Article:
Should Powerball Winner Take Lump-sum Payment or Annuitize?
NEW YORK (MainStreet)-One lucky person at a Publix supermarket in Zephyrhills, Fla. purchased the winning ticket for the highest Powerball jackpot in history, estimated at $590.5 million.
After winning with odds at 1 in 175.2 million, the person has done the hard part, but whether to take a lump-sum cash pay-out or to annuitize the winnings is the cushy, but difficult decision the lucky duck will now have to make.
Most winners will go for thee lump sum in order to be in control of the money from the get-go, and with fears of continued rising tax rates, it might be better to take a softer blow from the IRS now than harder one in the future.
"The immense size of this particular jackpot can make things a bit more straight-forward," said Doug Walker, president of AfterLotto, a company that provides legal, financial and personal assistance to lottery winners. Whereas a person may be reluctant to take about half of the total pot for the instant gratification of a lump-sum--the lump-sum payout here would be about $300 million--the difference between $300 million and $600 million is more negligible at those heights. It's a question of whether or not to have golden toilet seats in your yacht.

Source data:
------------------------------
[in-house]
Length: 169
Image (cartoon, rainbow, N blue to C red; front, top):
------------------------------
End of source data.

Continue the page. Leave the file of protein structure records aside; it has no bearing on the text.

Generally speaking, the older someone is, the better an idea it is for him to take the lump sum payment, Walker says; with fewer years to get installment payments, it's best to take the cash in one fell-swoop and live the high life.
"Considering that the Powerball annuity option pays out 30 installment that grow larger every year, someone who is already near or beyond the age of retirement clearly has less incentive to take an annuitized payment structure than a younger winner," Walker said. "Similarly, age tends to make people wiser and often leads them to make more rational financial decisions and more willing to take the advice of qualified financial representatives."
The younger a person is, the more likely he is to be reckless with the money, and with the lump-sum payout at about $300 million, the immensity of the winnings could be difficult for a person to manage.